It should be understood that, even though the loading and unloading of the roll-over transfer in accordance with the present invention is illustrated as substantially lateral with respect to the C-frame involving movement in one side and out of the other side, the loading and unloading can also be accomplished with appropriate modification of the supporting system, in a direction of the plane of the C-frame. Consequently, the loading and unloading can be arranged to be from any one of three directions at both of the end positions of the roll-over transfer and a roll-over transfer incorporating the present invention is very flexible in the manner in which it can be installed in a foundry system.
It should be noted that a single actuator 76 provides for the clamping and drawing functions and that such actuator is efficiently located substantially at the center line of the flask 61. Such actuator, however, does not provide a hazard, since it remains within the confines of the machine as the C-frame rolls between the two extreme positions of its travel and does not swing out into aisles or work areas where it could present a hazard to personnel.
In order to provide easy maintenance, the rails 19 are preferably replaceable and are bolted to the base 18. Similarly, the rims 22 are plug welded to the C-frame and, if wear occurs, it can be removed and replaced without difficulty.
Although a preferred embodiment of this invention is illustrated, it is to be understood that various modifications and rearrangements may be resorted to without departing from the scope of the invention disclosed and claimed.
|Cited Patent||Filing date||Publication date||Applicant||Title|
|US1855409 *||Jun 3, 1930||Apr 26, 1932||William H Nicholls||Molding machine|
|US3520347 *||Apr 29, 1968||Jul 14, 1970||Acme Cleveland Corp||Foundry machine with swinging door for core removal|
|Citing Patent||Filing date||Publication date||Applicant||Title|
|US4172488 *||Apr 21, 1978||Oct 30, 1979||Combustion Engineering, Inc.||Flaskless molding line for chemically bonded sand molds|
|US4498841 *||Jan 18, 1983||Feb 12, 1985||Riensch & Held (Gmbh & Co.)||Turnover device|
|US4593684 *||Mar 1, 1984||Jun 10, 1986||Graham Erwin W||Occipital support for cervical traction|
|US4606333 *||Oct 17, 1984||Aug 19, 1986||Graham Erwin W||Portable cervical spine traction device|
|US5046912 *||Dec 23, 1988||Sep 10, 1991||Rail Engineering, Inc.||Car dumper|
|US5169275 *||Mar 21, 1991||Dec 8, 1992||International Mill Service, Inc.||Automatic slab turner|
|US6375407||Sep 7, 2000||Apr 23, 2002||Stevedoring Services Of America, Inc.||Method and apparatus for handling, transporting, pallet removal and loading cartons of frozen animal products onto vessels|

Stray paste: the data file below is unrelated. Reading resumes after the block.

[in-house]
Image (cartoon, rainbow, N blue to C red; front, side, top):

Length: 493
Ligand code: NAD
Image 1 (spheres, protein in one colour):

|US6622854||Oct 9, 2002||Sep 23, 2003||Stevedoring Services Of America, Inc.||Method and apparatus for loading stacks of cartons of frozen animal products onto vessels using a carrier|
|US6789997||Apr 23, 2003||Sep 14, 2004||Stevedoring Services Of America, Inc.||Method and apparatus for pallet removal cargo queuing and stowage of stacks of cartons of frozen animal products|
|US6974295||Sep 6, 2003||Dec 13, 2005||Stevedoring Services Of America Inc.||Method and apparatus for loading stacks of cartons of frozen animal products onto vessels using a carrier|
|US7427185||Dec 12, 2005||Sep 23, 2008||Stevedoring Services Of America, Inc.||Method and apparatus for loading stacks of cartons of frozen animal products onto vessels using a carrier|
|US8226345 *||Apr 23, 2009||Jul 24, 2012||Elsag Datamat Spa||Device for processing mail items in bundles|
|US20040010485 *||Jul 8, 2002||Jan 15, 2004||Masaki Aono||Retrieving, detecting and identifying major and outlier clusters in a very large database|
|US20040022606 *||Jul 17, 2003||Feb 5, 2004||Coblentz W. Sam||Load push lift truck useable for depalletizing stacks of cartons of frozen animal products|
|US20040047721 *||Sep 6, 2003||Mar 11, 2004||Coblentz W. Sam|
|US20060153670 *||Nov 18, 2005||Jul 13, 2006||Coblentz W S||Method and apparatus for pallet removal cargo queuing and stowage of stacks of cartons of frozen animal products|
|US20090269173 *||Apr 23, 2009||Oct 29, 2009||De Leo Guido Teodoro||Device for processing mail items in bundles|
|US20120297606 *||Nov 30, 2011||Nov 29, 2012||Force Protection Technologies, Inc.||Method and apparatus for inverting a vehicle assembly|
|DE3132952A1 *||Aug 20, 1981||Mar 3, 1983||Riensch & Held||Turning device, in particular for pallets|
|U.S. Classification||414/758, 414/742, 164/292, 164/224, 414/418, 414/766, 414/778, 414/779, 414/783, 164/409, 414/416.09|
|Dec 5, 1980||AS||Assignment|
Owner name: IMC-CARVER FOUNDRY PRODUCTS INC., STATELESS
Free format text: ASSIGNMENT OF A PART OF ASSIGNORS INTEREST;ASSIGNOR:CARVER FOUNDRY PRODUCTS. INC.,;REEL/FRAME:003813/0473
Effective date: 19801106
|Dec 31, 1981||AS||Assignment|
Owner name: REDFORD-CARVER FOUNDRY PRODUCTS, INC.
Free format text: CHANGE OF NAME;ASSIGNOR:IMC-CARVER FOUNDRY PRODUCTS, INC.;REEL/FRAME:003938/0976
Effective date: 19811208
|Oct 21, 1985||AS||Assignment|
Owner name: DEPENDABLE FOUNDRY EQUIPMENT COMPANY, INC., 400 S.
Free format text: ASSIGNMENT OF ASSIGNORS INTEREST.;ASSIGNOR:REDFORD-CARVER FOUNDRY PRODUCTS, INC., A CORP OF IOWA;REEL/FRAME:004484/0991
Effective date: 19850904
|Oct 22, 1985||AS||Assignment|
Owner name: DEPENDABLE FOUNDRY EQUIPMENT COMPANY, INC., 400 S.
Free format text: ASSIGNMENT OF ASSIGNORS INTEREST.;ASSIGNOR:REDFORD-CARVER FOUNDRY PRODUCTS, INC., A CORP OF IO;REEL/FRAME:004470/0515
Effective date: 19850904